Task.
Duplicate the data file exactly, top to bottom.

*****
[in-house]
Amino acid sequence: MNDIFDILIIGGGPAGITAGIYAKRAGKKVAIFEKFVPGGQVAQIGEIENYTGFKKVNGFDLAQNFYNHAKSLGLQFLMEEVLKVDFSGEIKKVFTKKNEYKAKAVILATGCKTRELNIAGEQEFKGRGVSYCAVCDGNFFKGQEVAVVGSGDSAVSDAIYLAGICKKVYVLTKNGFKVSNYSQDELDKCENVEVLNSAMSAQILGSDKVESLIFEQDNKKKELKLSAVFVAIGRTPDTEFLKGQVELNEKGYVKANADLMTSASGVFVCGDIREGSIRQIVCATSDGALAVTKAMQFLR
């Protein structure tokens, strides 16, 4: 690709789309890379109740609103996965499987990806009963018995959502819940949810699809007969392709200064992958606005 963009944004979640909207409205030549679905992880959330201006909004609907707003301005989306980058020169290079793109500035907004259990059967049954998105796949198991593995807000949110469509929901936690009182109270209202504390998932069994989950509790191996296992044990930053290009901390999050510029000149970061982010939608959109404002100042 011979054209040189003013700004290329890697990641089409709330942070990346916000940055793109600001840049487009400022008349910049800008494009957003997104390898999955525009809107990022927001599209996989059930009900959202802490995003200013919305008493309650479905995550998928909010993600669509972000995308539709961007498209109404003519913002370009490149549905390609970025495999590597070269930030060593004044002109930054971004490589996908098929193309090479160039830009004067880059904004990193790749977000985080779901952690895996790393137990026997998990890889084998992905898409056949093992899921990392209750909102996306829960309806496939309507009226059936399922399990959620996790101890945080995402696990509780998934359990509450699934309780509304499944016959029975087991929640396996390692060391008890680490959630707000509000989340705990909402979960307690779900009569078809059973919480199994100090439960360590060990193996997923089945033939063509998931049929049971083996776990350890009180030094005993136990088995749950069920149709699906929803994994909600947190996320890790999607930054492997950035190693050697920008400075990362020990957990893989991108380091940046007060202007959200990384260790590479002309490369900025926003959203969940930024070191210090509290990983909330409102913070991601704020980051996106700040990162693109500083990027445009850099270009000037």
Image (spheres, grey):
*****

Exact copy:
[in-house]
Amino acid sequence: MNDIFDILIIGGGPAGITAGIYAKRAGKKVAIFEKFVPGGQVAQIGEIENYTGFKKVNGFDLAQNFYNHAKSLGLQFLMEEVLKVDFSGEIKKVFTKKNEYKAKAVILATGCKTRELNIAGEQEFKGRGVSYCAVCDGNFFKGQEVAVVGSGDSAVSDAIYLAGICKKVYVLTKNGFKVSNYSQDELDKCENVEVLNSAMSAQILGSDKVESLIFEQDNKKKELKLSAVFVAIGRTPDTEFLKGQVELNEKGYVKANADLMTSASGVFVCGDIREGSIRQIVCATSDGALAVTKAMQFLR
């Protein structure tokens, strides 16, 4: 690709789309890379109740609103996965499987990806009963018995959502819940949810699809007969392709200064992958606005 963009944004979640909207409205030549679905992880959330201006909004609907707003301005989306980058020169290079793109500035907004259990059967049954998105796949198991593995807000949110469509929901936690009182109270209202504390998932069994989950509790191996296992044990930053290009901390999050510029000149970061982010939608959109404002100042 011979054209040189003013700004290329890697990641089409709330942070990346916000940055793109600001840049487009400022008349910049800008494009957003997104390898999955525009809107990022927001599209996989059930009900959202802490995003200013919305008493309650479905995550998928909010993600669509972000995308539709961007498209109404003519913002370009490149549905390609970025495999590597070269930030060593004044002109930054971004490589996908098929193309090479160039830009004067880059904004990193790749977000985080779901952690895996790393137990026997998990890889084998992905898409056949093992899921990392209750909102996306829960309806496939309507009226059936399922399990959620996790101890945080995402696990509780998934359990509450699934309780509304499944016959029975087991929640396996390692060391008890680490959630707000509000989340705990909402979960307690779900009569078809059973919480199994100090439960360590060990193996997923089945033939063509998931049929049971083996776990350890009180030094005993136990088995749950069920149709699906929803994994909600947190996320890790999607930054492997950035190693050697920008400075990362020990957990893989991108380091940046007060202007959200990384260790590479002309490369900025926003959203969940930024070191210090509290990983909330409102913070991601704020980051996106700040990162693109500083990027445009850099270009000037």
Image (spheres, grey):